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    Post  Hole 13/12/21, 04:36 pm

    Arrow wrote:Leopard
    Project 971: Akula class - Page 16 060f8223fd8a

    But that white ladder must be very loud under water. Very Happy

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    Post  Big_Gazza 26/12/21, 04:49 am

    Can any Russian-language speakers pls identify this 971? I can't reconcile the name on the gangway against known 971 names, past and present.

    Project 971: Akula class - Page 16 8af8fa10
    Arkanghelsk
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    Post  Arkanghelsk 26/12/21, 10:14 am

    Good old wolf, volk

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    Post  Krepost 26/12/21, 11:07 am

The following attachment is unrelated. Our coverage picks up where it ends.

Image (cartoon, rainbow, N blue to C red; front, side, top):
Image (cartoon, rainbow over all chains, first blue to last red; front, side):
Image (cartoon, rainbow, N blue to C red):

Big_Gazza wrote:Can any Russian-language speakers pls identify this 971? I can't reconcile the name on the gangway against known 971 names, past and present.

    It is K-461 VOLK

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    Project 971: Akula class - Page 16 Empty Re: Project 971: Akula class

    Post  Acr 16/01/22, 03:23 am

    Isos wrote:
    Sell and use the money for a new yasen. And indians will pay for the maintenance and the destruction of the ships at the end.

    I think selling military nuclear propulsion technology would be against russian military export laws and interests. Since OK-650 design reactors are in active use selling this ( and so loosing any control who studies the design in detail ) seems to be not an option at all.

    Russia is the only country to even lease an active nuclear sub , i,m pretty sure the indians were confronted with strict contract rules of just using it and not study it . Operation of the sub was very likely limited to performance numbers dictaded by russia in regards to permissible operating depth and speed - i guess way below 971 true capabilities .